What To Know About Gingival HyperplasiaShare
Do you have a lot of gum tissue that surrounds your teeth, causing your smile to look a bit gummy? This is known as gingival hyperplasia, which is a dental condition that you need to know more about.
Why Gingival Hyperplasia Happens
One of the main reasons that gingival hyperplasia can happen is because of poor oral health care at home. It's typically a problem caused by inflamed gums, which can happen due to not brushing and flossing regularly. The gums will enlarge and start to cover your teeth, which doesn't look or feel great.
How Gingival Hyperplasia Is Bad For Your Teeth
Be aware that gingival hyperplasia is not just bad for the look of your smile, since it is also bad for your oral health. It can actually feel very painful to some and increase your risk of having cavities form or being susceptible to gum disease. As you can imagine, all that inflamed gum tissues makes it harder to brush and floss like you should be doing on your own, which only causes the problem to get worse.
How Gingival Hyperplasia Is Treated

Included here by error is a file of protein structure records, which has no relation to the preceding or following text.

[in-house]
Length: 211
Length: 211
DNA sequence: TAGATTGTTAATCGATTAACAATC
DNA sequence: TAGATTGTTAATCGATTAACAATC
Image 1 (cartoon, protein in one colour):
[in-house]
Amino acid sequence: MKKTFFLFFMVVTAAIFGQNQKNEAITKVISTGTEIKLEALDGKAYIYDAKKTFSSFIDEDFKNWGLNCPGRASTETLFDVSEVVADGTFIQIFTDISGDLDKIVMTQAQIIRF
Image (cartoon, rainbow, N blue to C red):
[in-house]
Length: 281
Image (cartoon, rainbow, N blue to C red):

If you have large and puffy gums, sometimes all it takes is visiting the dentist regularly to keep your teeth clean. Getting a deep cleaning of your teeth helps get rid of the bacteria that may be forming underneath your gums and helps reduce that swelling and inflammation.
However, it may not be that easy. Sometimes gingival hyperplasia is caused by certain medications causing an adverse reaction. You'll need to discuss this with your doctor to determine if there are alternative medicines that you can take, which will give you the same health benefits without the side effect of puffy gums.
How Gingival Hyperplasia Can Be Surgically Corrected
There are a few surgical options that can help reduce the size of your gums that are worth asking your dentist about. Laser treatment is when lasers are used to cut away the inflamed gum tissue, and then the portions of the teeth covered by your gums will be scaled. There is also the option to get a gingivectomy, which is when the excess gum tissue is cut out and then stitched back up. Periodontal flap surgery is a third option, which is when the gums are separated to remove inflamed tissue.
Reach out to a local family dental care office if you have questions or concerns about your inflamed gums.